Taxpayers are set to pay K900 million compensation to outspoken Democratic Progressive Party (DPP) secretary general (SG) Grezeider Jeffrey following her acquittal in the K187 million Ministry of Education scam during the Bakili Muluzi administration.
Jeffrey and others, who initially sued government for about K12 billion (about $26.7 million), are claiming compensation for false imprisonment, defamation, breach of contract and malicious prosecution for allegedly defrauding millions from the Ministry of Education in a scam exposed in the early 2000s.
Documents filed at the High Court of Malawi in Lilongwe indicate that Jeffrey, Brian Phiri and two deceased civil servants who worked under the Ministry of Education took government to court following the actions and decisions of the Anti-Corruption Bureau (ACB) and the National Audit Office (NAO).
The complainants accuse the Auditor General’s office of defaming Jeffrey in its audit report of March 2000 by alleging that her business connived with a divisional education office in Kasungu to defraud government.
The statement of claim, filed in December last year, also states that Jeffrey lost an estimated K14 275 971.12 following government’s order to stop payment of a cheque and balance for completed work at Msalura Community Day Secondary School.
In total, the plaintiffs are demanding a sum of K12 135 984 477 plus action costs.
However, a Capital Hill source confided in The Nation that Jeffrey has asked for the K900 million compensation and that the State was discussing with her lawyers to have the amount reduced.
Said the source: “The case has reached a stage where government is pleading with her [Jeffrey’s] lawyers that the amount be reduced. Of course, government was in the wrong. She was acquitted, but her property was seized, including trucks, minibuses and houses…”
During the 11-year trial, Jeffrey and her fellow co-accused answered charges of corrupt practices with a public officer, obtaining money by false pretence, theft, uttering false documents, corrupt use of official powers, forgery and making a false warrant for money.
While confirming the existence of the case, newly appointed Attorney General (AG) Charles Mhango on Thursday said he was yet to undertake a review of the file as he was new in his office and has a pile of work to do.
He said: “I know there is such a case, but I can’t comment much because currently I am reviewing so many matters. I have not yet reviewed this one. There are some cases that are very urgent, but you just need to understand that I am reviewing a lot of files.”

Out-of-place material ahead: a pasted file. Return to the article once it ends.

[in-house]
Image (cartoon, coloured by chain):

When contacted last week, Jeffrey’s lawyer, Ralph Mhone, who is also Nkhata Bay Central member of Parliament (MP) on the People’s Party (PP) ticket, refused to comment on the status of the case, saying her client was better-placed to do so.
On her part, Jeffrey, who is also Nkhotakota South legislator (DPP), played down the issue, saying it was a forgotten matter because it happened a long time ago and wondered why some people would want to drag it till to date.
About 55 people were implicated in the scam, but only four—including former principal secretary for Ministry of Education Sam Safuli—were convicted and jailed, although two of the convictions were later set aside by the Malawi Supreme Court of Appeal.
The rest of the suspects, including civil servants and several contractors, had their cases dropped or were acquitted due to lack of sufficient evidence.
How the scam was discovered
The K187 million Ministry of Education scandal was exposed through an audit which revealed a breakdown in financial controls and internal check systems in the ministry.
Safuli was sentenced to two years imprisonment for aiding and abetting theft of K100 000. He was convicted together with managing director of Tapempha Building Contractors, Esther Kathumba, who got four and two years imprisonment for theft of K596 802 and attempted theft of K1 999 920, respectively, from the ministry.
Esther’s husband, Henry Kathumba, who was managing Khristu Nafe Building Contractors, was given a two-year jail term for theft of K100 000 which he collected from the ministry.
Snowden Joya, a quantity surveyor in the ministry, was sentenced to three years imprisonment for forging six certificates for completion of work for projects that were never finished.
But eight months after the convictions, the Supreme Court of Appeal set aside Safuli and Jiya’s convictions and quashed their sentences.
The court also quashed theft charges against the Kathumbas and substituted them with theft by false pretence. n